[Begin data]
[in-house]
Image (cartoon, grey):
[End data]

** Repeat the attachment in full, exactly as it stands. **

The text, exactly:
[in-house]
Image (cartoon, grey):